069:21:17 Lovell (onboard): Hey, look at - Can you put these cameras someplace? Stash them against the back of your bulkhead. Stash this back there, too.
069:21:32 Lovell (onboard): Hey, you're maneuvering quite rapidly.
069:21:35 Borman (onboard): No, I'm not.
069:22:04 Lovell (onboard): Well.
069:22:33 Lovell (onboard): Tape, Bill. Thank you.
069:22:41 Anders (onboard): [Garble.]
[Download MP3 audio file of PAO announcer recording. Clip courtesy Simon Plumpton.]
Houston here. In Mission Control Center, Cliff Charlesworth getting our - correction there - Glynn Lunney we should say, getting ready to talk to his flight control team. Our time-of-acquisition clock now reading 9 minutes, 45 seconds and we're continuing to watch it. Meanwhile our top clock is counting forward, now reading 25 seconds. The top clock was used to denote an acquisition time if we had a no-burn situation. We will continue to monitor here in Mission Control Center.
069:23:59 Borman (onboard): Are these cameras all set up right?
069:24:01 Borman (onboard): Huh?
069:24:03 Anders (onboard): [Garble.]
069:24:68 Borman (onboard): Huh?
069:24:09 Anders (onboard): [Garble.]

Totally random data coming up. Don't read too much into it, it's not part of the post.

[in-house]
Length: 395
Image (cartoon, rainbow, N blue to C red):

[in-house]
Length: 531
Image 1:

069:24:13 Borman (onboard): Can I take one?
069:24:15 Anders (onboard): [Garble.]
069:24:30 Borman (onboard): That's what I thought: it doesn't work.
069:24:38 Borman (onboard): Well, that - the camera doesn't work.
069:24:40 Anders (onboard): You want me to try it out?
069:24:42 Borman (onboard): Yeah.
069:24:46 Anders (onboard): [Garble.]
069:25:06 Borman (onboard): Huh? Does it work now?
069:25:09 Anders (onboard): [Garble.]
069:25:10 Borman (onboard): We're not that hard up; don't worry about it.
069:25:15 Lovell (onboard): Listen, we're not going to...
069:25:18 Borman (onboard): I just want to take a picture.
069:25:21 Borman (onboard): Hey, look; just slow down and take your time. Okay.
069:25:28 Borman (onboard): f/8.
069:25:30 Borman (onboard): f/8 at what?
069:25:35 Anders (onboard): [Garble.]
069:25:38 Borman (onboard): Okay.
069:25:44 Borman (onboard): Okay. Bill, get me MSFN, will you?
069:25:56 Anders (onboard): AOS at 69:31.
069:25:59 Borman (onboard): Oh, is it that late? Okay, I thought it was...
069:26:13 Lovell (onboard): Can you see it? Huh?
069:26:15 Anders (onboard): Yep, [garble].
069:26:23 Borman (onboard): It says I'm supposed to run one mag here of 16-millimeter; new color exposure [means exterior film], 1/250th, spot, 1 foot [means frame] per second.